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Wrongful Termination Laws in California

Posted by attorney Christopher Canlas

In California, most employment relationships are presumed to be "at-will" unless you are a union member or if you have an employment contract. At-will employment means that your employment relationship may be legally terminated at any time, without notice. That, however, does not mean that your employer can terminate for any reason. In fact, there are numerous public policy exceptions to at-will employment. For example, an employee cannot be terminated for the following reasons:

  • Race, sex, national origin, disability, sexual orientation, religion, or some other protected classification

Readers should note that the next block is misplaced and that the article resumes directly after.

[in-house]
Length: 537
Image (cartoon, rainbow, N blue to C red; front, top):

• Marital or family status
  • Taking family and/or medical leave
  • Taking pregnancy leave
  • Requesting an accommodation for disability
  • Opposition to some unlawful activity
  • Complaining about unsafe working conditions or work practices to employers or to a government agency
  • Refusing to sign an unlawful non-compete clause
  • Serving on jury duty
  • Protesting unlawful discrimination or harassment by employer
  • Participating in political activity, including holding public office
  • Disclosing information to a government or law enforcement agency

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